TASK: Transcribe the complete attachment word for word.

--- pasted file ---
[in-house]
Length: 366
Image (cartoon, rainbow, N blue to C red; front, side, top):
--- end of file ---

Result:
[in-house]
Length: 366
Image (cartoon, rainbow, N blue to C red; front, side, top):